Imagine for a moment that the mountains you see around the San Fernando Valley are taller—much taller. Actually, those mountains were much taller, but millions of years of torrential rains and flooding washed silt, sand, and gravel down their slopes to the bottom of the mountains. Over millennia, this erosion gradually raised the Valley's floor with alluvium while lowering the height of the area’s mountains.
The geology of Woodland Hills can be placed in three classifications (Geological Survey of California, n.d.):
* Upper Miocene marine, found in the foothills of the Santa Monica Mountains
* Alluvium, found on the floor of the San Fernando Valley
* Upper Pliocene marine, found on the northern half of Chalk Hill north of the Ventura Freeway
These sections provide information about earthquakes, landslides, and flooding that affect Woodland Hills.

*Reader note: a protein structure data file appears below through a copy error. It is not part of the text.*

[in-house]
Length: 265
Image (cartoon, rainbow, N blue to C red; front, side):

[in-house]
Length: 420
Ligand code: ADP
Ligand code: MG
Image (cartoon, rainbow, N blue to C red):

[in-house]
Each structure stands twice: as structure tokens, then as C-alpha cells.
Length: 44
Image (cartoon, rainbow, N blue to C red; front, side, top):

Alluvium. (n.d.). In Wikipedia. Retrieved from https://en.wikipedia.org/wiki/Alluvium
Miocene. (n.d.). In Wikipedia. Retrieved from https://en.wikipedia.org/wiki/Miocene
Melinkoff, E. (1987, March 26). Savvy Gardeners Can Wring Pleasure From Valley's Clay. Los Angeles Times. (Nancy Harrington quotation). Retrieved from http://articles.latimes.com/1987-03-26/news/vw-464_1_gardening-classes
Pliocene. (n.d.). In Wikipedia. Retrieved from https://en.wikipedia.org/wiki/Pliocene
Sources used for Figures
Figure 1. Geology of Woodland Hills
Geological Survey of California. (n.d.). Geologic Atlas of California-Los Angeles Sheet. Retrieved from http://www.quake.ca.gov/gmaps/GAM/losangeles/losangeles.html#